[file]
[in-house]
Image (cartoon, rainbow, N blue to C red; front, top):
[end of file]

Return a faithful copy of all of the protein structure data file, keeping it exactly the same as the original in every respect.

[in-house]
Image (cartoon, rainbow, N blue to C red; front, top):